|s i s t e m a o p e r a c i o n a l m a g n u x l i n u x||~/ · documentação · suporte · sobre|
If your application must handle passwords or non-public keys (such as session keys, private keys, or secret keys), overwrite them immediately after using them so they have minimal exposure. For example, in Java, don't use the type String to store a password because Strings are immutable (they will not be overwritten until garbage-collected and reused, possibly a far time in the future). Instead, in Java use char to store a password, so it can be immediately overwritten.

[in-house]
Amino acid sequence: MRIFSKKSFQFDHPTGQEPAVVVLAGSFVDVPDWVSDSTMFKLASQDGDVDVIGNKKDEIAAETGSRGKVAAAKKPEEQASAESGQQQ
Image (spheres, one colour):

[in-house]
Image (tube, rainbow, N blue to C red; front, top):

Also, if your program handles such secret values, be sure to disable creating core dumps (via ulimit). Otherwise, an attacker may be able to halt the program and find the secret value in the data dump. Also, beware - normally processes can monitor other processes through the calls for debuggers (e.g., via ptrace(2) and the /proc pseudo-filesystem) [Venema 1996] Kernels usually protect against these monitoring routines if the process is setuid or setgid (on the few ancient ones that don't, there really isn't a way to defend yourself other than upgrading). Thus, if your process manages secret values, you probably should make it setgid or setuid (to a different unprivileged group or user) to forceably inhibit this kind of monitoring.